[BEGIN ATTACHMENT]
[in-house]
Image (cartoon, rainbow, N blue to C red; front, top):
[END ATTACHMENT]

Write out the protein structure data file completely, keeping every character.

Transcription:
[in-house]
Image (cartoon, rainbow, N blue to C red; front, top):